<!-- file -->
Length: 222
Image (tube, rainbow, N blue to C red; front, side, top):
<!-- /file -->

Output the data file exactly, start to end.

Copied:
Length: 222
Image (tube, rainbow, N blue to C red; front, side, top):